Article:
Digital Trends has a great deep dive on all things HDR and why you want it.
HDR: The basics
Contrast is measured by the difference between the brightest whites and darkest blacks a TV can display, as measured in candelas per square meter (cd/m2), known as nits. The ideal low end is completely black, or zero nits — currently only possible on OLED displays, which can turn pixels completely off. On the high end, it’s a different story. Standard dynamic range TVs generally produce 300 to 500 nits, but some HDR TVs aim much, much higher — thousands of nits even.
Multiple formats for displaying HDR are possible, but currently there are two major players: the proprietary Dolby Vision format and the open standard HDR10. Dolby was first to the party, displaying a prototype TV capable of displaying up to 4,000 nits of brightness. For a short time, Dolby Vision was essentially synonymous with HDR, but not every manufacturer wanted to play by Dolby’s rules (or pay its fees), and many started working on their own alternatives. Companies quickly realized that this could lead to madness, and many popular manufacturers, including LG, Samsung, Sharp, Sony, and Vizio, eventually agreed on an open standard called HDR10.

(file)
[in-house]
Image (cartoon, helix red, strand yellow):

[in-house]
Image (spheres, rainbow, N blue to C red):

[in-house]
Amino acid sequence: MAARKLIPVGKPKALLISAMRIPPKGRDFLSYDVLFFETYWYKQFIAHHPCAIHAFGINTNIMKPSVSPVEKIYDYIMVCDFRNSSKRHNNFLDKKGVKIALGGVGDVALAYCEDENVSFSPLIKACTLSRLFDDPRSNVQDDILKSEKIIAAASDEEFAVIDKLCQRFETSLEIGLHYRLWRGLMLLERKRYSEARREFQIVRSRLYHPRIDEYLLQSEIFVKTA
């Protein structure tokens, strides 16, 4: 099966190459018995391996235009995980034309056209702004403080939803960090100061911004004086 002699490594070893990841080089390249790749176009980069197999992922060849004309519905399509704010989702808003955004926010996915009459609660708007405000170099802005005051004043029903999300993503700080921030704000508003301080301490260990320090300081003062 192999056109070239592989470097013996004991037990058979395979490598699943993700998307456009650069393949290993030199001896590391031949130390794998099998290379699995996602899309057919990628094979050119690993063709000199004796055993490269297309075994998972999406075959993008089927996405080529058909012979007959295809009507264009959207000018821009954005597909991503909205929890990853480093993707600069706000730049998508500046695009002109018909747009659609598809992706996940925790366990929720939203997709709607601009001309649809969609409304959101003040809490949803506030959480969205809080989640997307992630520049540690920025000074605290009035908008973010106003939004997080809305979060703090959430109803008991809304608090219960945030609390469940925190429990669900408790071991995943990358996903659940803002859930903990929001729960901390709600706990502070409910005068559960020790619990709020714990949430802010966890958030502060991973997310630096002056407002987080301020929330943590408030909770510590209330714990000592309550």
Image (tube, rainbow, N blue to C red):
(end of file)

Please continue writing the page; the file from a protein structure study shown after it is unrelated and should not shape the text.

In April 2016, the UHD Alliance — an industry group made up of companies like Samsung, LG, Sony, Panasonic, Dolby, and many others — announced the Ultra HD Premium certification for UHD Blu-ray players. This benchmark sets some baseline goals for HDR, such as the ability to display up to 1,000 nits of brightness and feature a minimum of 10-bit color depth. Both HDR10 and Dolby Vision meet the standards set by the certification, but how the two go about it varies greatly.